Breaking the general perception that dust accumulation on plant leaves frequently causes negative impacts, a recent paper published by Astron scientists and industry partners has concluded that there is little evidence for this in semi-arid Australian environments.
In the paper recently published in Austral Ecology, Astron Senior Scientist Dr Aaron Gove and co-authors used two monitoring studies to look at the relationship between dust load and plant health and survival. While dust accumulated on plants close to dust sources, this accumulation was not related to changes in plant or community condition.
Aaron Gove says that semi-arid Australia plants may be well adapted to the stresses of dust, and that a bigger predictor of plant condition is cumulative rainfall, which probably affects dust loads on plants.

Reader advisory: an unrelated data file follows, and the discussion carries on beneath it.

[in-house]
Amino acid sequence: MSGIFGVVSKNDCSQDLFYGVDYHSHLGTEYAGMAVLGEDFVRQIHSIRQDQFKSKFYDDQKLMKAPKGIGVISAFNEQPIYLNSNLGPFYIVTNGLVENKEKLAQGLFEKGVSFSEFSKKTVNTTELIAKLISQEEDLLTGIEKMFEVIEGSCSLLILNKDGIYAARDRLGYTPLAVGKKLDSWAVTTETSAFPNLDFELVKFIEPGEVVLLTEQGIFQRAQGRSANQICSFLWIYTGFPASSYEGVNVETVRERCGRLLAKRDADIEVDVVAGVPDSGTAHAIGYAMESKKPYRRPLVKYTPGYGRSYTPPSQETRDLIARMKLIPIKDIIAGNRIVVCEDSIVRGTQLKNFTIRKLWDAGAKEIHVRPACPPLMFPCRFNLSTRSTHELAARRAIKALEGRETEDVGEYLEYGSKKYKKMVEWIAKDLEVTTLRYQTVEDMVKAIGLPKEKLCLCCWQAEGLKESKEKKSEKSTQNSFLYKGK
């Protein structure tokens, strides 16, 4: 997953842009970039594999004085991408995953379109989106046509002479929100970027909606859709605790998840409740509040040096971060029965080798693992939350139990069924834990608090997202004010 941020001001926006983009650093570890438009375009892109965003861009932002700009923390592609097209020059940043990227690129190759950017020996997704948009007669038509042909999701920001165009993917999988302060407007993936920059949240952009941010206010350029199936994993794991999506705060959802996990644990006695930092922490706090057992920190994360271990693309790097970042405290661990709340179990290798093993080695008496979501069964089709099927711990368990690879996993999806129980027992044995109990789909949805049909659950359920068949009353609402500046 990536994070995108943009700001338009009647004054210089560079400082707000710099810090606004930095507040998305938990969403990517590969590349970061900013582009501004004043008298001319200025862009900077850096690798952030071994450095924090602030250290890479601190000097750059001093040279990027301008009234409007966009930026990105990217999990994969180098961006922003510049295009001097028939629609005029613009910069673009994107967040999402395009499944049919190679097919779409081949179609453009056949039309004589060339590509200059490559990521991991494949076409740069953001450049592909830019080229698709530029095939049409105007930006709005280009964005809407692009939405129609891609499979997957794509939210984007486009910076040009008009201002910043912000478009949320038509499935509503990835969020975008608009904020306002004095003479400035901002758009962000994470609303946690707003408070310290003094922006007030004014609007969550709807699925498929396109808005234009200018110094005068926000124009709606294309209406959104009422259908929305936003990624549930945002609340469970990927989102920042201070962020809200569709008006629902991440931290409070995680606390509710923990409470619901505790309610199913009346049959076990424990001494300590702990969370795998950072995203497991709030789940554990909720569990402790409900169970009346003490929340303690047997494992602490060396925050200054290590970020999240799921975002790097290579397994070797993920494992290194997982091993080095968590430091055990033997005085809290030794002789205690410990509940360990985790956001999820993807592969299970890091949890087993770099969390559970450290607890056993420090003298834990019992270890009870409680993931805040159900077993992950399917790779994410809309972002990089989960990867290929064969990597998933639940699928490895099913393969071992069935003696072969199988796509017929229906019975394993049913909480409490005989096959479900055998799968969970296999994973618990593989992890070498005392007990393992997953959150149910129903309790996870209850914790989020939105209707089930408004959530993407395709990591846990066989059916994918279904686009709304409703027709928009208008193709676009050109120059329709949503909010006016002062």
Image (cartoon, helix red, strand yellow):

“We found no evidence to support the suggestion that dust impacts vegetation in these semi-arid environments at the dust levels and time scales observed. While it may be prudent to monitor vegetation condition associated with mining and other resource projects, the emphasis on dust deposition may not be justified,” Dr Aaron Gove said.
The paper: Impacts of dust on plant health, survivorship and plant communities in semi-arid environments, is published in the journal Austral Ecology. It was authored by Aaron Gove from Astron, Mamoru Matsuki and Mark Gardener (formerly Astron), Andrew Smith from Chevron Australia and Robert Howard from Cliffs Asia Pacific Iron Ore.